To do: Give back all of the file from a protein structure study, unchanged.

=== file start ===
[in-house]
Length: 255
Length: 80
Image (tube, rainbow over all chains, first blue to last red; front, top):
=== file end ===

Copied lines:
[in-house]
Length: 255
Length: 80
Image (tube, rainbow over all chains, first blue to last red; front, top):